Updated at 1:45 p.m.
President Obama on Monday publicly condemned the results a referendum in the Crimean Peninsula to secede from Ukraine as illegitimate and announced his administration was pursuing sanctions against top Russian officials as a consequence.
"We're making it clear that there are consequences for their actions," the president said. And, he warned, "If Russia continues to interfere in Ukraine we stand ready to impose further sanctions."
"Continued Russian military intervention in Ukraine will only deepen Russia's diplomatic isolation," he said.
The new penalties build on an executive order from the White House earlier this month that imposed visa restrictions on pro-Russian opponents of the new government in Ukraine, bringing the total number of individuals facing sanctions to 11. Senior administration officials who briefed reporters on the order described the targeted individuals as "cronies" of the Russian government and arms industry who had had taken a leading role in envisioning or implementing the referendum strategy, including former Ukrainian President Viktor Yanukovych.
"Today's actions send a strong message to the Russian government that there are consequences for their actions that violate the sovereignty and territorial integrity of Ukraine, including their actions supporting the illegal referendum for Crimean separation," the White House said in a statement. A senior administration official later called the action, "far the most comprehensive sanctions applied to Russia since the end of the Cold War."
The European Union also announced Monday it would freeze assets of and ban travel for 21 officials in Russia and Ukraine. Although that list has not yet been released, a senior administration official indicated there would be some overlap between the two groups.
"We urge our counterparts and financial institutions around the world to shun these individuals," a senior administration official said.
During a briefing later in the day, White House Press Secretary Jay Carney refused to rule out the possibility that Russian President Vladimir Putin might be the target of future sanctions.
"We're not going to rule out individuals or rule out actions except to say that there will be costs imposed on Russia, additional costs opposed on Russia if Russia does not change direction here," he said.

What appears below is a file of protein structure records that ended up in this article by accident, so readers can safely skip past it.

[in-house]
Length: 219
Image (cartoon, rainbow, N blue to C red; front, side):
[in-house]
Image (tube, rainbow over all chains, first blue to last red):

Although the White House is using the sanctions to punish Russia, it is still seeking a diplomatic resolution to the conflict in Ukraine. After the results of the referendum Sunday - in which 97 percent of voters backed secession and an ultimate reunification with Russia - Mr. Obama spoke with Putin to reprimand him for supporting the referendum and say there could be no resolution so long as Russian troops continued to remain inside Ukraine and conduct military exercises on the border.
The president said Monday that that the U.S. would "calibrate" its response based on whether Russia chooses to escalate or deescalate the situation.
Mr. Putin has shown no willingness to back down, however, and is scheduled to address the Russian Federal Assembly Tuesday and is widely expected to recommend formal annexation of Crimea, according to the administration.
The Crimean Peninsula had been a part of Russia until Nikita Khrushchev, the leader of the U.S.S.R., gave it to the Ukrainians in 1954 to mark the 300th anniversary of Russia's acquisition of Ukraine in the Treaty of Pereyaslav.
Vice President Biden is set to travel to Poland and Lithuania this week to discuss the situation in Ukraine with officials there.
The sanctions order targets:
- Vladislav Surkov, a Putin aide
- Sergey Glazyev, a Putin adviser
- Leonid Slutsky, a state Duma deputy
- Andrei Klishas, member of the Council of Federation of the Federal Assembly of the Russian Federation
- Valentina Matviyenko, head of the Federation Council
- Dmitry Rogozin, deputy prime minister of the Russian Federation.
- Yelena Mizulina, a state Duma deputy